Standing as a contract to progressive staking method is proportional betting. The Kelly Criterion formula where you bet in proportion to your edge divided by the odds on every selection should result in winnings increasing in rapid rate, significantly higher than fixed-wager system which arguably remains the most secure of the all listed above.

How Much to Bet? - Three Staking Systems Explained

Whatever the sport you bet on, there are always two main factors which make up a bet: namely the betting selection, and the stake. And whilst many bettors invest a considerable amount of time and effort into the former i.e., deciding which horse, football team, tennis player etc. to bet on, they generally put much less thought into exactly how much they should place upon their selection - often choosing a stake seemingly at random.

As with the picking out of those betting selections though, staking may well benefit from a more systematic approach, helping to keep your betting bankroll under control, and giving it the greatest opportunity to grow.

And over the years many staking systems have emerged, from the potentially ruinous doubling-down and similar progressive staking systems to those which are a bit more sensible. Here we take a look at three which fall firmly into that latter category.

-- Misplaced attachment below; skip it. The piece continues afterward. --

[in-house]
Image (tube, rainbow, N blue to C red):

Level Staking

We begin with the simplest – level staking. As the name implies this involves selecting a level of stake with which you are comfortable and sticking rigidly to this amount for every single bet you place. A safe and solid system, you are unlikely to run into many problems with this. If your selections represent good value, your balance is sure to grow in the long run.

Level staking is particular popular with gamblers who tend to bet within a relatively small price range, such as on the outcome of a football match for example. In a sport like horse racing however – where the prices vary more widely – it can make some bettors uncomfortable, as it requires the exact same stake whether your selection be 6/4 or 33/1.

Proportional Staking

Rather than sticking to a specific amount for each bet, proportional staking suggests that bettors stake a fixed proportion/percentage of their betting bank– a commonly followed method being to place 5% of the betting bank on each bet.